The Forgotten Nubian Pyramids of Menroe
- 11 months ago
About 200 km northeast of the Sudanese capital, Khartoum, in a valley known as Nubia, lies the remains of three ancient Kushite kingdoms. Here, one can find the largest concentration of ancient Pyramids ever built.
Although less famous than the Pyramids at Giza in Egypt, and smaller in size than their Egyptian cousins, the Nubian pyramids are no less remarkable. These pyramids were built around 2,500 years ago, long after the Egyptians had stopped entombing their Pharos in massive tombs, a practice that nearly bankrupted them. The Nubian kings, however, were clearly fascinated by these mammoth structures and attempted to imitate them.
The Kush Kingdom flourished for 900 hundred years from around 800 BC to 280 A.D. and held power over a vast area covering much of the Nile Delta and as far south as Khartoum. Meroe served as the capital during the final phases of the empire. Here, at their capital city, the Nubians built about 80 radically downsized pyramids over the tombs of kings and queens of the Kushite kingdom. They range in height from 20 feet to 100 feet, and rise from fairly small foundation that rarely exceed 25 feet, giving the sides of the pyramids steep angles. One of the largest of the pyramids built for the rulers of Kush was for a woman, Queen Shanakdakheto (170-150 B.C.E.). The sides of the pyramids are adorned with decorative elements from the cultures of Pharaonic Egypt, Greece, and Rome.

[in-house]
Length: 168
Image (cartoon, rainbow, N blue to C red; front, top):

Altogether, the Kush rulers built more than 250 pyramids—more than twice the number of pyramids in the entirety of Egypt. They are distributed in a small region in the Sudanese desert.
Like the ancient Egyptians, the Nubian kings were mummified and laid to rest, covered with jewels, in wooden coffins, before they were entombed. Nearly all of the pyramids have been plundered ages ago. At the time of their exploration by archaeologists in the 19th and 20th centuries, some pyramids were found to contain the remains of bows, quivers of arrows, archers' thumb rings, horse harnesses, wooden boxes, furniture, pottery, colored glass, metal vessels, and many other artefacts attesting to extensive Meroitic trade with Egypt and the Hellenistic world.
Today, Meroe is the largest archaeological site in Sudan, and one of the main tourist attractions in Sudan. But the country, devastated by civil war, now receives fewer 15,000 tourists per year.